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FROM 22.9.22


Hej! Gud dai! Witaj! Aven! Moin!

Since time immemorial, our country has been shaped by a great variety of cultural influences. Diversity, ruptures and movement – this is all typical of Germany. Part of the picture are also other languages and autochthonous national minorities and ethnicities that have roots here dating far back. Four of these are officially recognised today: Danes, Frisians, Sorbs/Wends and the German Sinti and Roma. Low German or Low Saxon (“Plattdeutsch”) is also protected as a regional language. What is their history? How do majority and minority coexist? And what do members of these groups hope for in their futures?

Hello Germany! What do you mean – “minority”?!

Our language should not exclude anyone. –

Purpose of the exhibition

In “What do you mean, ‘minority’? – Danes ∙ Frisians ∙ Sorbs/Wends ∙ German Sinti and Roma ∙ Low German speakers”, the four autochthonous minorities and the Low German language group offer an unprecedented coordinated insight into their centuries-old histories and their (lived) present day in contemporary Germany. Again and again, their relationship to the majority population comes to the fore here. Moving away from the usual group clichés, visitors will learn of the political goals and individual hopes of people who are living lives of multiple languages and cultures. In the process, we hope that attention will be focused on an aspect of our shared homeland that still remains unknown to many people. 

The architectural elements of our travelling exhibition are unique creations. Their forms and the details of their designs already begin to tell the stories of our groups.


The “Pompeblêd”, a stylised water lily flower, forms the basis for the three-part element. It symbolises the historic seven Frisian “sealands”, and it can be seen today, for instance, as a component of the flag of the Dutch province of Friesland. The mast and sail highlight the close connections between Frisian culture and the sea and seafaring. The motto on the mast, “Livre düed as Slaav!“ (“Rather dead than enslaved!”) dates back to medieval antecedents and has been a firm fixture of the Frisian political worldview since the 19th century. The graphical elements take up details from Frisian dialects, and recollect the “Delft tiles” that circulated in Frisia as part of the North Sea region.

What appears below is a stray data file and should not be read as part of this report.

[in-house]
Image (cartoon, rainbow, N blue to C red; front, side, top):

German Sinti and Roma

The element plays on two associations. Firstly, its form recalls the trumpet of a gramophone, and highlights the musical influence of the Sinti and Roma on European classical music. Secondly, the image also evokes a megaphone held in a hand at a demonstration, paying tribute to the important political role of the Sinti and Roma civil rights movement after 1945. The wave lines of the artwork call to mind the graphic depiction of sound waves. These represent the transfer in space of the word spoken from person to person, and symbolise the deep connection of the Sinti and Roma with their own language, Romanes.


The model for the element is Ø, one of the most striking letters of the Danish alphabet and also a word in its own right, meaning “island”. The surface graphic is inspired by the cross that underpins the Danish flag, the Dannebrog. This cross occurs in all flags of the Scandinavian countries, and thus highlights not only specific national identity, but also the cohesion of the states of Northern Europe.

Sorbs / Wends

The triangle that forms the basis for the exhibition element and graphic design alike takes its inspiration from a key component of important parts of Sorbian traditional costume and popular geometric decorations on Sorbian Easter eggs. Along with the language, these expressions of diverse Sorbian popular art are key elements of identification for many Sorbs/Wends The twofold division of the display case symbolises the two Sorbian languages and the subdivision of the historical settlement area of the smallest Slavic people into Upper and Lower Lusatia.

Low german speakers

The design concept for the exhibition element of the Low German language group is a bookcase with eight compartments, symbolising the eight federal states of northern Germany in which Platt is found. Over the centuries, Plattdeutsch has evolved in many regional variants in these areas, and today it forms the basis for a sense of shared identity. We therefore chose the image of a single bookcase containing many different books, the thematic and regional range of which illustrates the broad spectrum of Low German literature.

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